The third major issue that requires debate is the question of environmental damage. Is sustainable development a real possibility, or merely a slogan? Global warming is now widely accepted as a reality. The depletion of the ozone layer is already being felt in countries of the southern hemisphere, like Chile and Australia. Yet scientists have been unable to convince policy-makers and world public opinion that something has to be done and quickly, and that globalisation of the world economy is a recipe for suicide. In fact, the very measures we take to control the heat caused by global warming (refrigerators, fans, air-conditioners) and to make our lives more comfortable (automobiles, microwave ovens) add to the problem itself.
Some positive developments are, however, visible. Multinationals (like Dupont) appear to have prepared for the possible success of the environmentalists in enforcing an environmentally sound economic order, by undertaking research which will enable them to eliminate chloroflurocarbons in refrigerators, or to switch to neem and other non-toxic plants in many commercial areas. In fact, it is, as usual, the Indian government that is behind.the times.
Keeping in view the grim scenario that faces the world, we must ask ourselves if there is any solution, and if so, how it can be made acceptable to the common man and the powers that be in India and in the world at large. The solutions certainly do not consist in putting pressure on the industrialised countries to give financial aid to the third world countries for preserving their forests and changing over to environmentally sound technology (the Rio summit solution). If enough pressure is brought to bear on the multinationals (and more importantly, on our own elite who encourage the import of any foreign technology, no matter if it is polluting), the worst effects of global warming and environmental threat to the globe may still be averted.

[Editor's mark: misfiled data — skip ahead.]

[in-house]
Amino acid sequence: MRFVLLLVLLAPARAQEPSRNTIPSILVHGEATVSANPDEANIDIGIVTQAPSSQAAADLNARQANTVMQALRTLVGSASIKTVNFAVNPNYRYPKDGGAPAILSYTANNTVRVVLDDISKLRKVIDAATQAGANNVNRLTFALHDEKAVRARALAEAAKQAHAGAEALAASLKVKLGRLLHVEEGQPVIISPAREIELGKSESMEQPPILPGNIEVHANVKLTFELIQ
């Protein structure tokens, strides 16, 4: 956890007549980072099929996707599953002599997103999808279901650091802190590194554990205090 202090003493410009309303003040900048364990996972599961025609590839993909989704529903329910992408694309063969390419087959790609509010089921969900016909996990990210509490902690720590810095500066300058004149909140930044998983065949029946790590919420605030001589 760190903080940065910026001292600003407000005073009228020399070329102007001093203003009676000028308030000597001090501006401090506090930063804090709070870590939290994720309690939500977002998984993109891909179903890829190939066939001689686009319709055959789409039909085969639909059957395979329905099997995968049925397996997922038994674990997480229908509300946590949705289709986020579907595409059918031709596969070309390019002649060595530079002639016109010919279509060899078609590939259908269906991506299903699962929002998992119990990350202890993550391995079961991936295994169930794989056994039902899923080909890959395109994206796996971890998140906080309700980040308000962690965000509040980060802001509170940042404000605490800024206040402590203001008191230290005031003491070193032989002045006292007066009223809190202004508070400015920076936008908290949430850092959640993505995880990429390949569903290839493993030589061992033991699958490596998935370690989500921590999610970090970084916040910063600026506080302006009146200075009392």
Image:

India is probably the only country in which at least a modicum of effort has been made to understand and analyse the Gandhian approach to economics. Jawaharlal Nehru did not accept Gandhi's ideas, nor did most of the post- independence policy-makers of the country. However, some effort was made to introduce a self-reliant, village -oriented model of development, which would have made India a model for rural development for the Third World, somewhat on the lines of Maoist China, without the mass murders that took place in that country. We need to consider an Indian experiment in this context.
Indian scientists, economists and social thinkers need to think afresh on how India can tackle her critical problem of achieving sustainable development without destroving the value systems of the Gandhi-Nehru era. These value systems are relevent not only to India but to the entire south Asian region.
VK Bawa isformer vice chairperson of the Hyderabad Urban Development Authority